Each of us can look back on events which have changed the course of our lives. In some cases we have experienced joyous events which have propelled us forward in our personal or professional lives, while other events have been tragic which created struggle and stymied our growth as individuals. Although we have little to no control over the many and varied events which we will undoubtedly face throughout our lives, we can control our response to them by managing the thoughts they generate.

Why is this important? Because by controlling our thoughts we ultimately determine what emotions we will allow to surface, and subsequently what type of reaction we will exhibit. The ability to manage our thoughts and thus our reactions to events both good and bad can make the difference between success and failure in our personal and professional lives. We have all witnessed situations where we witnessed individuals effectively manage a critical event while in other cases struggle or seemingly over react to a not so significant event. In many cases this is due to the ability or inability to control their initial thoughts as the event was unfolding.

I have witnessed this behavior unfold in so many ways throughout my years in law enforcement. I have seen people become unhinged at the prospect of receiving a minimal citation for speeding, while others have responded to unbelievable tragedy with an amazing level of calm and composure. I would submit that the difference has been the ability or inability to manage their thoughts and thus self regulate their responses. This skill is not inherent; it must be developed and maintained through practice. Each of us has the choice at any given moment in our lives to take the events which lie before us and do one of two things; use these events to make us stronger and grow our relationships, or use these events as a crutch and blame them for any and all shortcomings we perceive in our lives. I choose the former over the latter.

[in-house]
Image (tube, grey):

So the next time an event occurs in your life, whether that be the realization that the red and blue lights behind you are in fact intended for you, or maybe that your teenager arrived after their curfew, please take a moment to think of the thoughts you are generating and whether those thoughts will ultimately lead to a positive outcome or a negative outcome.

In the world we live in, there are very few things we actually have control over, but what we can control is our response to the world. Having the ability to manage our thoughts and use those thoughts to improve the quality of our lives and that of our community is another example of the power of resiliency.

Fire danger still exists despite recent wet weather

By Tim Kowols     

Overnight rains on Tuesday gave some relief to Door and Kewaunee County, but there is still some risk for fires in the area. Much of the state was downgraded from high fire danger to moderate or low levels following the wet weather that swept through the area. Dead vegetation from the winter still exists in the area and Gibraltar Fire Chief Jerrad Anderson says a threat for unintended fires remains.



Anderson reminds fire bearers that burn permits are required in many communities and proper precautions should take place before igniting the flame.

Countdown to Sturgeon Bay granary's big move begins

By Tim Kowols     

Thursday morning the Teweles and Brandeis grain elevator will be on the move as it makes the close to half-mile journey across the Maple/Oregon Street Bridge to its future home near Sturgeon Bay's Graham Park. Devooght House Movers has had the structure on eight 50-ton dolly wheel units for the last several days in preparation for the move. Drury Designs general contractor Pat Drury says he has no concerns about the bridge being able to handle the weight and size of the building.